NZ Fashion Week: The hair show with no hair

By Rebecca Blithe

A model navigates the runway with clusters of knotty nuggets balanced on her head. Photo / Getty
A model navigates the runway with clusters of knotty nuggets balanced on her head. Photo / Getty

Alright, well there was a lick of a horsey blonde fringe. But aside from that at "Jarrad Godman x Servilles" - which I assumed to be a show about hair - every strand from every scalp on that runway was swathed in fabric. As were the models' faces.

In a cool way? If you consider what I can best describe as geometric poops bandaged in fabric and string to be cool then, yes, next level cool.

Headgear from Fashion Week's Servilles x Jarrod Godman show. Photos / Getty
Headgear from Fashion Week's Servilles x Jarrod Godman show. Photos / Getty

As the first model stepped out, I imagined how she must have felt back when she got the call to be a part of Fashion Week. She was likely thrilled. Her parents surely proud.

But as she trotted blind down the runway, balancing clusters of knotty nuggets by bobbing her head like one of those plastic noddy dogs, I imagined what she must now be thinking: "I did not sign up for this."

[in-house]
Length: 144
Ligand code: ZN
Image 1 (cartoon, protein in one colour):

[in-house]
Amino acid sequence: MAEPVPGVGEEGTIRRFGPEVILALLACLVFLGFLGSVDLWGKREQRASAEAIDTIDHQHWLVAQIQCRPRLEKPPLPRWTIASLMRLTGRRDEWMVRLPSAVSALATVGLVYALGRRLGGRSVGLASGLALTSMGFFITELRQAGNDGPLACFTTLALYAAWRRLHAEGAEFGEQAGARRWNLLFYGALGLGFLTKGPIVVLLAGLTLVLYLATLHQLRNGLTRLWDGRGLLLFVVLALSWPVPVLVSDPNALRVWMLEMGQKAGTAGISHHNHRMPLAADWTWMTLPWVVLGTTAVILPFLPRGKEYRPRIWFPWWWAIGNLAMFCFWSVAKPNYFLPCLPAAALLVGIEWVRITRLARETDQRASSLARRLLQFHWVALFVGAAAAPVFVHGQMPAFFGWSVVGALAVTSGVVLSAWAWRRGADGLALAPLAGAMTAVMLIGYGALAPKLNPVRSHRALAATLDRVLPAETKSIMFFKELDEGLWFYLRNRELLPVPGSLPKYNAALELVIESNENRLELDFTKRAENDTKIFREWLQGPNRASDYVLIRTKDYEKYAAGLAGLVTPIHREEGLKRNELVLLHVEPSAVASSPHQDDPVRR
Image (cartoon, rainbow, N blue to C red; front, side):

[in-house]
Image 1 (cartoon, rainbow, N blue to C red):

I wasn't sure whether to frown and nod "knowingly" or swig away at my free cocktail and wait for the liquor to help me make sense of what I was looking at.

A nod to McQueen's collection, The Horn of Plenty? Perhaps. The art to fashion ratio was heavily tipped to the former.

Couldn't there have been some suggestion of runway to real way? Just a whisper of wearability. Sure, poo crown upon poo crown was paraded with some covetable garments: An oversized metallic bomber jacket, wintry floral prints and ethereal red dresses. But will anyone be ditching their blow wave for this headgear in a hurry?

A model in headgear at Alexander McQueen's Ready-to-Wear Autumn/Winter show in 2009. Photo / Getty
A model in headgear at Alexander McQueen's Ready-to-Wear Autumn/Winter show in 2009. Photo / Getty

I looked past the stiff, twisted horns that managed to look erect without being phallic. Past the faceless faces to the front row. And I noticed the comparatively pimple-like knots dotted atop some punters' heads.

Would this become 2017's horny reboot of the top knot?

If so, I hate to break it to you but our beloved dirty-hair-day 'do is set to become about as on trend as a long plait under a Gloriavale bonnet.

The final verdict? Bold, bizarre, and reminiscent of McQueen, Servilles may be onto something here. Something that's too cool for me and my hairbrush, that's for sure.

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